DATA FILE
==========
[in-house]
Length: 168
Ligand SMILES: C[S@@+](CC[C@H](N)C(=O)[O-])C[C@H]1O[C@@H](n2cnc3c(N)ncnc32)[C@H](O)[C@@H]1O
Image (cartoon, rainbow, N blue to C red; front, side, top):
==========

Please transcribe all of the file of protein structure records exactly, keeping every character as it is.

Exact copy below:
[in-house]
Length: 168
Ligand SMILES: C[S@@+](CC[C@H](N)C(=O)[O-])C[C@H]1O[C@@H](n2cnc3c(N)ncnc32)[C@H](O)[C@@H]1O
Image (cartoon, rainbow, N blue to C red; front, side, top):